Before taking back his words Wednesday afternoon, O’Toole warned via his press secretary of “the damage cancel culture can have.”

“Defending free speech, especially on campus, is important, just as remembering our past is an important part of aspiring for better in the future,” spokeswoman Chelsea Tucker said in an email Wednesday morning.

The name of Toronto’s Ryerson University has come under scrutiny in the last three years, part of a broader reassessment of Canadian historical icons in an age of heightened social and cultural awareness.

In 2017, a student-led campaign pushed for the institution to change its name out of respect for residential school survivors. The effort highlighted recommendations from Egerton Ryerson — a Methodist minister and public education advocate — on Indigenous schools that helped pave the way for the policy.

The campaign also prompted considerable backlash from the wider student community, who criticized it as impractical and disrespectful in its own right.

The same year, Trudeau renamed the former Langevin Block building, which sits across from Parliament Hill and houses the Prime Minister’s Office, arguing at the time that keeping the name of Sir Hector-Louis Langevin — a 19th-century cabinet minister associated with the residential school system — on the edifice clashed with his government’s vision.

O’Toole referred to both Langevin and Ryerson in the Nov. 5 video.

“When Egerton Ryerson was called in by Hector Langevin and people, it was meant to try and provide education,” he said.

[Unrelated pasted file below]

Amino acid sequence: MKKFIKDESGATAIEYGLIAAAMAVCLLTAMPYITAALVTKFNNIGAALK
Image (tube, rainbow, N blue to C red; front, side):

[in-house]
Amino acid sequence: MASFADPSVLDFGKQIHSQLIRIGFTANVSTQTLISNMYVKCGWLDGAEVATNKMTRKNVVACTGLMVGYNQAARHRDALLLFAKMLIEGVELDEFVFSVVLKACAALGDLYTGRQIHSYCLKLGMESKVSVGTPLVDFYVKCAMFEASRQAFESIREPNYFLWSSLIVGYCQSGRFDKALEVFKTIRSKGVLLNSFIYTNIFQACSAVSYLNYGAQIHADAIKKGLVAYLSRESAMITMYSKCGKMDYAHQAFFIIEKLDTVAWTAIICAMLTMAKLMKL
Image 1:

O’Toole went on to say former Liberal prime ministers Pierre Trudeau and Jean Chrétien opened several residential schools, while Tory prime ministers Brian Mulroney and Stephen Harper ended the program and apologized for it, respectively.

“Where is the woke left calling for the renaming of the Trudeau airport?” O’Toole asked, referring to Montreal’s main air hub.

How Chrétien opened new schools after Mulroney axed the program was not explained.

Sen. Murray Sinclair told the National Observer in September that the cultural blind spots of the Fathers of Confederation are not comparable to Pierre Trudeau’s.

The Truth and Reconciliation Commission, chaired by Sinclair, issued its final report on residential schools five years ago. The nearly 4,000-page account details the harsh mistreatment inflicted on Indigenous children at the institutions, where at least 3,200 children died amid abuse and neglect.

Angus said O’Toole’s comments fit into a “a pattern among deniers to rewrite the facts that were found in the Truth and Reconciliation Commission.”

He pointed to Sen. Lynn Beyak, who was booted from the Conservative caucus after posting derogatory letters about Indigenous people on her website in 2017, and who once again faces the prospect of expulsion from the upper chamber with a motion before the members.

Christopher Reynolds, The Canadian Press

Like us on Facebook and follow us on Twitter.

Want to support local journalism? Make a donation here.

Federal Politicsresidential schools

Just Posted

(Advocate file photo)
Red Deer down to 102 active COVID-19 cases

Central zone has 332 cases with 26 in hospital and five in ICU

Storm clouds gathered in Mulhurst, Alta., just before noon June 15, 2021. Photo/ Dan Moster.
Areas of County of Wetaskiwin remain under severe thunderstorm watch

Environment Canada has issued a severe thunderstorm watch for areas of the County.

Maskwacis Pride crosswalk (Left to right): Montana First Nation Councillor Reggie Rabbit, Samson Cree Nation Councillor Louise Omeasoo, Samson Cree Nation Councillor Katherine Swampy, Samson Cree Nation Councillor Shannon Buffalo, Samson Cree Nation Chief Vern Saddleback.
Pride in Maskwacis

The 4th inaugural Maskwacis Pride crosswalk painting took place on Saturday June 12th, 2021